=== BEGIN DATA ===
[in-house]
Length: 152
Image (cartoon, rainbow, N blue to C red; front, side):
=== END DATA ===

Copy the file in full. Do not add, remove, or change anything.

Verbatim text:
[in-house]
Length: 152
Image (cartoon, rainbow, N blue to C red; front, side):